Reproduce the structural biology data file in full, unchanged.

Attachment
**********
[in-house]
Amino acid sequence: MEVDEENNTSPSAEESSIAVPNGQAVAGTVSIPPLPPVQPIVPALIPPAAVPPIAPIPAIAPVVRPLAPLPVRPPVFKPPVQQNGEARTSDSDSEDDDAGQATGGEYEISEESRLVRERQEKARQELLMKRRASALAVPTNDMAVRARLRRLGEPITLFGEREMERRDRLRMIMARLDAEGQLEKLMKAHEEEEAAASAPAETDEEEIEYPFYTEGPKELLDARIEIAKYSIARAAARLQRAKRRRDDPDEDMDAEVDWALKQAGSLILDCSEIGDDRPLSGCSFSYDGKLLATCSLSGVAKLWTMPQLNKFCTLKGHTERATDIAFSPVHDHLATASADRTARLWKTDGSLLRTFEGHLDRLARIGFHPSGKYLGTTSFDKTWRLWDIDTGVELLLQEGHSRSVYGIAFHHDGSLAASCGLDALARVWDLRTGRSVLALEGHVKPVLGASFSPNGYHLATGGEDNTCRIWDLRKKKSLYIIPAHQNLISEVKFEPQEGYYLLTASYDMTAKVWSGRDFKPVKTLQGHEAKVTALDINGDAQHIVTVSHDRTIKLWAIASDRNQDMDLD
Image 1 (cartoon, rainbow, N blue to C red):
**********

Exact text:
[in-house]
Amino acid sequence: MEVDEENNTSPSAEESSIAVPNGQAVAGTVSIPPLPPVQPIVPALIPPAAVPPIAPIPAIAPVVRPLAPLPVRPPVFKPPVQQNGEARTSDSDSEDDDAGQATGGEYEISEESRLVRERQEKARQELLMKRRASALAVPTNDMAVRARLRRLGEPITLFGEREMERRDRLRMIMARLDAEGQLEKLMKAHEEEEAAASAPAETDEEEIEYPFYTEGPKELLDARIEIAKYSIARAAARLQRAKRRRDDPDEDMDAEVDWALKQAGSLILDCSEIGDDRPLSGCSFSYDGKLLATCSLSGVAKLWTMPQLNKFCTLKGHTERATDIAFSPVHDHLATASADRTARLWKTDGSLLRTFEGHLDRLARIGFHPSGKYLGTTSFDKTWRLWDIDTGVELLLQEGHSRSVYGIAFHHDGSLAASCGLDALARVWDLRTGRSVLALEGHVKPVLGASFSPNGYHLATGGEDNTCRIWDLRKKKSLYIIPAHQNLISEVKFEPQEGYYLLTASYDMTAKVWSGRDFKPVKTLQGHEAKVTALDINGDAQHIVTVSHDRTIKLWAIASDRNQDMDLD
Image 1 (cartoon, rainbow, N blue to C red):